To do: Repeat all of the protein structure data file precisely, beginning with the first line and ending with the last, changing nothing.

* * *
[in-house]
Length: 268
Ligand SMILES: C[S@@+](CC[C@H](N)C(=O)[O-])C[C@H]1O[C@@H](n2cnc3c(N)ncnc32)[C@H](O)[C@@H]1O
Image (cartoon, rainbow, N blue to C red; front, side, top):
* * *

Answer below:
[in-house]
Length: 268
Ligand SMILES: C[S@@+](CC[C@H](N)C(=O)[O-])C[C@H]1O[C@@H](n2cnc3c(N)ncnc32)[C@H](O)[C@@H]1O
Image (cartoon, rainbow, N blue to C red; front, side, top):